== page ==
AQR Quants Gaze Into Crystal Ball, See ‘Soberingly Low’ Returns
(Bloomberg) -- If the wizards at AQR Capital Management LLC are right, on the current trajectory the next few years will be a struggle for investors seeking the kind of returns they enjoyed in the “rosier past.”
The $196 billion quantitative hedge fund this week updated its assumptions for major asset classes, and at first glance the outlook has brightened somewhat:
The trouble is, the improvements over last year are mainly due to cheaper prices after 2018’s annus horribilis. AQR expects a traditional 60/40 portfolio of U.S. assets to earn just 2.9 percent after inflation over the medium term, compared with a long-term average of 5 percent.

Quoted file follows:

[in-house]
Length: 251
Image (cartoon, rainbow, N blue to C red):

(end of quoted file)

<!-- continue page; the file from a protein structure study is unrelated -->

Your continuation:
“These estimates are mostly higher than they were a year ago, but compared to historical norms, they remain soberingly low,’’ the firm wrote in a research note.
Some of the most improved outlooks are for U.S. investment grade and high yield bonds, thanks to wider credit spreads and higher Treasury yields. Cheaper U.S. stock prices will be partly offset by lower growth estimates, they reckon.
As ever, these calls come with a pretty big caveat. The Greenwich, Connecticut-based hedge fund -- which had a miserable 2018 -- warns that its predictions are “highly uncertain and not intended for market timing.”
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